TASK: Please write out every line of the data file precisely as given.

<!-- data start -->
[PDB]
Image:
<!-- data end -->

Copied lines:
[PDB]
Image: